ICTs and Contentious Collective Action in the Digital Age: A synthetic, comparative framework
University of Copenhagen, Denmark
In recent years, the scholarship on Information and Communication Technologies (ICTs) and contentious collective action – such as revolutions, riots, protests, and demonstrations – has developed appreciably as an exciting, relevant, but highly contested field in political sociology. Despite enduring interest, proliferating interrogation, and substantial deliberation on the role of ICTs in political activism and social movements over the past decade, existing literature from different disciplines still rarely achieves a consistent framework for the analysis of how ICTs transform contentious collective action for social changes. To advance the field, this study outlines a communication-centered framework that views communication as a key mechanism in distributing political opportunities, maneuvering mobilizing structures, shaping cultural framing, articulating contested meanings, and facilitating relational dynamics among these interrelated factors. Acknowledging ICTs as the context for communication and action, the proposed focus overcomes technological determinism by reemphasizing human beings – precisely their communicative practices and networks – as political agency in contention. By centralizing and sensitizing communication dynamics, the framework suggests an explicit focus on communication – including different degrees of communication and metacommunication – to dissect (technologically mediated) collective actions in different spatiotemporal contexts.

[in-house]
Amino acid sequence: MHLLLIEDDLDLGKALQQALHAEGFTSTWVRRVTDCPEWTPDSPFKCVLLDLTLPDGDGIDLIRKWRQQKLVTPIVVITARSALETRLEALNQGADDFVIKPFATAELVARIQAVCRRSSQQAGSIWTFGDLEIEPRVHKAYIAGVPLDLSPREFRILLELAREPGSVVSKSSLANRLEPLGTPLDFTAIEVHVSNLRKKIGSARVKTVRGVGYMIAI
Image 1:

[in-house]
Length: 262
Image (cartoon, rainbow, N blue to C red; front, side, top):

Another campaign will be tweeted: social parainstitutions and digital public sphere in electoral campaigns in Spain, 2008-2015
1Universidad Autonoma de Madrid, Spain; 2Universidad Rey Juan Carlos, Spain
Studies on offline political participation have for a long time demonstrated a deep participatory divide between those participating a lot – a minority – and a vast majority of citizens taking part to very few political activities (Gaxie, 1978 and 1993). However, according to proponents of the "(new) mobilization" paradigm (Hirzalla, van Zoonen and Ridder, 2011), the Internet would have lowered the threshold of participation and allowed new citizens to participate in political life.
Using three original post-electoral surveys, we analyze the evolution of the political uses of the Internet in the Spanish General Elections of 2008, 2011 and 2015. In 2015, for the first time in an election campaign in Spain, social media had a higher political influence than written press, radio and off-line relations. Television, nevertheless, has remained the most influential medium during the electoral campaign. Also as a novelty in an electoral campaign, in 2015 the organizations or citizen platforms managed to spread their political messages in Internet to a greater extent than candidates or political parties. Some of them have practically been institutionalized, as Internet-based social parainstitutions (Peña-López et al., 2014). We also identify the social factors associated with the political use of the Internet. On-line and off-line political participation are strongly associated, and they are mediated by the frequency of Internet use. On-line political participation is also associated with ideology.